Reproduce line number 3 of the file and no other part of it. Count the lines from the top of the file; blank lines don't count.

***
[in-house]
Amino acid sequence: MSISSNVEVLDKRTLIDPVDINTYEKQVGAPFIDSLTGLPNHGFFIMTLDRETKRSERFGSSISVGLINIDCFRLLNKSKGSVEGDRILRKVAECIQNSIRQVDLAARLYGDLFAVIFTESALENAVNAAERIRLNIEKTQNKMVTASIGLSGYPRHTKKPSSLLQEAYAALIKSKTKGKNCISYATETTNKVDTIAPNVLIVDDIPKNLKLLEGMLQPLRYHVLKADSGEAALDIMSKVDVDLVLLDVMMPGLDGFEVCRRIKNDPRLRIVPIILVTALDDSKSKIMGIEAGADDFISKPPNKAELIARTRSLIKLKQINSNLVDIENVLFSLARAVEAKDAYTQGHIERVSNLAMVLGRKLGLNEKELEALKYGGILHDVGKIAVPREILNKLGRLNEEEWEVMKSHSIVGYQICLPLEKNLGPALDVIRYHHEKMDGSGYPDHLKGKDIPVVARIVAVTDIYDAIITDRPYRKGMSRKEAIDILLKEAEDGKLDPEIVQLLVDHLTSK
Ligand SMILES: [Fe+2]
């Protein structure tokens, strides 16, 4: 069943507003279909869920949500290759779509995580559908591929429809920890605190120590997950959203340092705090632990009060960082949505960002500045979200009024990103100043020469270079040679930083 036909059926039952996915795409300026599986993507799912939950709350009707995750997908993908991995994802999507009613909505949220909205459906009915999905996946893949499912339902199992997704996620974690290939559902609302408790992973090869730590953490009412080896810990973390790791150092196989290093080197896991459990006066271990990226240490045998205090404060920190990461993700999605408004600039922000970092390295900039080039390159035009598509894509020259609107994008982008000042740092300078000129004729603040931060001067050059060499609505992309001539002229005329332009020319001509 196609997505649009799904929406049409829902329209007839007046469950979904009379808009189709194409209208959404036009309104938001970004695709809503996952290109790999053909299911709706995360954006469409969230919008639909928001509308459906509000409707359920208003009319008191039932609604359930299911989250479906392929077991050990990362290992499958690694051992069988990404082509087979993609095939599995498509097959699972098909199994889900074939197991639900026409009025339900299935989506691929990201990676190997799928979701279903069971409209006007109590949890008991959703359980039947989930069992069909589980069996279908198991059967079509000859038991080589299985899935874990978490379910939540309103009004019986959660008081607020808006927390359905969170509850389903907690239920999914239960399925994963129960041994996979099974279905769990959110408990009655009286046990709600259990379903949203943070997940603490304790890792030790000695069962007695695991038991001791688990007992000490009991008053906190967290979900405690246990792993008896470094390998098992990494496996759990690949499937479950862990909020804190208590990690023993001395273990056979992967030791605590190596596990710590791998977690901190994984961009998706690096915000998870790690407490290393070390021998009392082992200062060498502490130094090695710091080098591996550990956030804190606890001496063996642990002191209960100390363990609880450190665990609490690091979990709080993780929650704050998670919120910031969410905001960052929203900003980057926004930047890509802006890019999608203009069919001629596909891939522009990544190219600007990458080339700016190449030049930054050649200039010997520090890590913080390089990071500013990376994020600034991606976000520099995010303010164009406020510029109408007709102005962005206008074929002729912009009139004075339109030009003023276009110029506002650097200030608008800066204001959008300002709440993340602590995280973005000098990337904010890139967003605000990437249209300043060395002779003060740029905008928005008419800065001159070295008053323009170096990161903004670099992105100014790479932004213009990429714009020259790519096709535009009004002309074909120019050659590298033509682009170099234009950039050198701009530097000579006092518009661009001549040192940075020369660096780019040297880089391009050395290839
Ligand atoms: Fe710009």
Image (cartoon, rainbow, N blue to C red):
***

Ligand SMILES: [Fe+2]